Does Boris Johnson want to be taken seriously as a father? If so…

4 March 2020
Photo of Boris Johnson waxwork at Mme Tussaud’s, by Dominic Lipinski for Press Association

….yes of course the Prime Minister should take paternity leave when his partner Carrie Symonds gives birth to their baby this summer. Mr Johnson may not have presented himself as the most committed of hands-on fathers to date, but taking some time off with baby Number 6 (?) should be an entirely non-controversial step.

Listen to FI CEO/head of research Adrienne Burgess and LBC’s Iain Dale, talking about Boris Johnson’s planned paternity leave

British Prime Ministers have been at it for a while now: David Cameron took leave in 2010. Tony Blair didn’t quite, but he did what lots of dads do and took some time off. In New Zealand Jacinda Ardern showed that PMs can even give birth and recover from it. Yes that’s right, even six weeks away from running the world is possible.

But if Mr Johnson REALLY wants to be taken seriously as a father, there’s something else he ought be doing, and that is instructing the Department for Business, Energy and Industrial Strategy (BEIS) to get on with reforming the UK’s old-fashioned, inflexible and sexist parenting leave system.

At the moment, women in the UK can take up to 52 weeks’ maternity leave. Employed men who have worked for the same employer for 41 weeks are eligible to 2 weeks’ statutory paternity leave, paid at below minimum wage. In terms of leave that men are, as fathers, independently entitled to, that’s it. The Government talks up shared parental leave (SPL) as if it’s the answer to parents’ prayers, cutting through all the gender-bias and allowing them to decide who stays off to look after the baby. But it’s a failed policy which is maternalistic in design and needs replacing.

BEIS’ muddled consultation on reforming SPL ended in November. More than three months later, we are still waiting for it to publish its findings.

Just in case he’s interested, here’s a crib-sheet that Mr Johnson might like to refer to as he ponders, this International Women’s Day (Sunday 8 March), why the UK – despite having the 5th biggest economy in the world – is only 21st in the World Economic Forum’s Global Gender Pay Gap Report 2020 – well below a host of Scandinavian countries, Germany, Ireland and even Nicaragua.

The following recommendations are drawn from our 2018 Nuffield Foundation-funded report Cash or Carry?. Read the full report here.

Give more dads better-paid paternity leave

Fathers who will have worked for an employer for 15 weeks before their baby’s due date (rather than for 41 weeks, as currently) should be eligible for the Statutory two weeks Paternity Leave, bringing this in line with mothers’ eligibility for Maternity Leave

Self-employed and ‘dependent contractor/ ‘worker’ fathers, as well as employed fathers not eligible for Paternity Leave and Pay, should be eligible for a period of leave for parenting as well as a Statutory Paternity Allowance payment (equivalent to the Maternity Allowance currently paid to comparable mothers).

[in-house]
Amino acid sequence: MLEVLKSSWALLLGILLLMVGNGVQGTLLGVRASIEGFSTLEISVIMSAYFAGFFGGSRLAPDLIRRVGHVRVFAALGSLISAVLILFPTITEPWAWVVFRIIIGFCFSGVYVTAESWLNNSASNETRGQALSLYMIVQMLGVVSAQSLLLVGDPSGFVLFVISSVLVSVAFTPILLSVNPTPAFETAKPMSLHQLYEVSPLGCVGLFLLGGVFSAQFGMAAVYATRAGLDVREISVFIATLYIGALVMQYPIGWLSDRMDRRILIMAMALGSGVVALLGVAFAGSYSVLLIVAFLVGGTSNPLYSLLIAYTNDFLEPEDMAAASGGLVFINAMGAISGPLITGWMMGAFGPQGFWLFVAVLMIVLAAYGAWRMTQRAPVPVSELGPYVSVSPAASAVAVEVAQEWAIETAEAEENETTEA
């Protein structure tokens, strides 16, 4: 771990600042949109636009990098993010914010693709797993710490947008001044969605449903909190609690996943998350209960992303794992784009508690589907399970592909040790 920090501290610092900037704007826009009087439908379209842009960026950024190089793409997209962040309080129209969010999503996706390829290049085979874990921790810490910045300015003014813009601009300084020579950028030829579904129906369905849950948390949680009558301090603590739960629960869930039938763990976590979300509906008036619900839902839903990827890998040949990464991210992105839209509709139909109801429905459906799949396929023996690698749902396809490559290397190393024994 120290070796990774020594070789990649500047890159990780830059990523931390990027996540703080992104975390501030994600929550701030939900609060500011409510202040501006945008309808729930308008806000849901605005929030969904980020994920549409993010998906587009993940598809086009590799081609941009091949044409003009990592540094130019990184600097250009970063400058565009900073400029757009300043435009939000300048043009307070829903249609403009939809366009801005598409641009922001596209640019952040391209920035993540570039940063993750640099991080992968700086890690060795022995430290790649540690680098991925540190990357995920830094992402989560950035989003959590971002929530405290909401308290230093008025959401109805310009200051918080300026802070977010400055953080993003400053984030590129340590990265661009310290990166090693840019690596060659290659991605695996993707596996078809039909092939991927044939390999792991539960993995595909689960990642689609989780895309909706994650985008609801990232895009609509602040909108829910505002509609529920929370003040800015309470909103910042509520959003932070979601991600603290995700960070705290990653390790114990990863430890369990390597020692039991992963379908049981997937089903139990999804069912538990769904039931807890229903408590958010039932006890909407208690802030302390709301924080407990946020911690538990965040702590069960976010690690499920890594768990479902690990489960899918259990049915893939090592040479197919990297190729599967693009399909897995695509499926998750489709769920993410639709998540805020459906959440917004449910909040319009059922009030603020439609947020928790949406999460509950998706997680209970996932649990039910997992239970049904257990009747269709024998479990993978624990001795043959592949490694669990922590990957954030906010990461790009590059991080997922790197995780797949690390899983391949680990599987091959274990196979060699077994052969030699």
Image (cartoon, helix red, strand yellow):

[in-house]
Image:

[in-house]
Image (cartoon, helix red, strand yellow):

Replace shared parental leave with a ‘father’s quota’

Abolish the current Shared Parental Leave (SPL) and Pay system (i.e. Maternity Leave and Pay that eligible mothers can transfer to an eligible partner). This policy is ineffective and discriminatory: eligibility is seriously limited; the policy is too complex for most to understand; the statutory pay level is too low for most fathers to be able to participate in the scheme

In place of SPL, introduce a non-transferable 13-week leave (the ‘Father’s Quota’), reserved for fathers/ mothers’ partners to be taken in the first year of an infant’s life. Eligibility, as with current Paternity Leave, should rest solely on that parent’s own employment history, without reference to the mother’s

Improve pay for fathers’ leave

(i) Expectant/ adoptive fathers/ mothers’ partners are currently eligible for unpaid time off to attend two antenatal appointments. This leave should be paid at 100% of salary (with a ‘cap’ – see below for definition of ‘cap’)

(ii) Statutory Paternity Leave (two weeks) should be paid at 90% of salary (again with a cap)

(iii) The first four weeks of the new 13-week Father’s Quota should be paid, in line with current Statutory Maternity Pay, at 90% of salary (with a cap). The remaining nine weeks of the Father’s Quota should paid at the Statutory Minimum (currently £140.98 per week), with the ambition to increase both the length and pay levels of the Father’s Quota as well as the pay levels of Maternity Pay steadily over time to the point at which each parent qualifies for six months’ non-transferable leave paid at 90% of salary (with a cap) to be taken in the first year of their child’s life. Mothers could still take longer Maternity Leave if they so wished, but at a cost to the family’s finances, since the Father’s Quota (and associated pay) would be lost.

Consider introducing a ‘cap’ on Maternity Pay

Currently, there is no ‘cap’ on the level at which the Exchequer must reimburse the employer for mothers’ earnings when she is on the first six weeks of Maternity Leave. The Exchequer must reimburse employer for 90% of the woman’s salary for six weeks, whether she is paid £15,000 or £150,000 per annum. Other jurisdictions almost universally ‘cap’ the pay level at which the employer can claim for an individual employee who is on Maternity, Paternity or Parental Leave. If Paternity Pay (with a cap) is introduced in the UK – as we believe it should be – equalities legislation will require an equivalent cap on Maternity Pay. The Government should explore savings to be made by capping Maternity Pay, to establish whether savings would be sufficient to support a fairer parenting pay system for all.

Tags: , , , , , ,